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Central Asian geopolitics: The Indian view

Central Asian geopolitics: The Indian view Central Asian Survey (1997), 16(2), 237-268 Central Asian geopolitics: the Indian view MADAN MOHAN PURI It is commonplace that India has since antiquity had historic links with Central Asia, a region variously defined objectively as well as subjectively, depending upon one's historical or political context.1 The area with which this paper is concerned comprises the five republics of Turkmenistan, Uzbekistan, Tajikistan, Kyrghyzstan and Kazakhstan, though the cultural/ethnic continuities or affinities there make some include parts of present-day Tibet, the Xinjiang province of China, and most of western Mongolia too. India's present connections with this Asia, however, have been both few and feeble, especially since it became a part of the Soviet Union. Now that the said constituents of the area have emerged as distinctly defined juridically sovereign entities, determined to play their due role in world affairs as actors of some significance, they are eager to reciprocate all foreign overtures. And if these come from 'civilization' states like India, feverishly modernizing themselves, the response is warm and wide-ranging. On its part, India naturally brings into play the historical memories of the past fruitful economic interaction and enriching cultural flows with this area. Archaeo- logical evidence establishes that the linkages http://www.deepdyve.com/assets/images/DeepDyve-Logo-lg.png Central Asian Survey Taylor & Francis

Central Asian geopolitics: The Indian view

Central Asian Survey , Volume 16 (2): 32 – Jun 1, 1997
32 pages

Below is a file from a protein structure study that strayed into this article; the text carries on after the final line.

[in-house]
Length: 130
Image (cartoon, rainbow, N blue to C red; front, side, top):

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References (9)

Publisher
Taylor & Francis
Copyright
Copyright Taylor & Francis Group, LLC
ISSN
1465-3354
eISSN
0263-4937
DOI
10.1080/02634939708400986
Publisher site
See Article on Publisher Site

Abstract

Central Asian Survey (1997), 16(2), 237-268 Central Asian geopolitics: the Indian view MADAN MOHAN PURI It is commonplace that India has since antiquity had historic links with Central Asia, a region variously defined objectively as well as subjectively, depending upon one's historical or political context.1 The area with which this paper is concerned comprises the five republics of Turkmenistan, Uzbekistan, Tajikistan, Kyrghyzstan and Kazakhstan, though the cultural/ethnic continuities or affinities there make some include parts of present-day Tibet, the Xinjiang province of China, and most of western Mongolia too. India's present connections with this Asia, however, have been both few and feeble, especially since it became a part of the Soviet Union. Now that the said constituents of the area have emerged as distinctly defined juridically sovereign entities, determined to play their due role in world affairs as actors of some significance, they are eager to reciprocate all foreign overtures. And if these come from 'civilization' states like India, feverishly modernizing themselves, the response is warm and wide-ranging. On its part, India naturally brings into play the historical memories of the past fruitful economic interaction and enriching cultural flows with this area. Archaeo- logical evidence establishes that the linkages

Journal

Central Asian SurveyTaylor & Francis

Published: Jun 1, 1997

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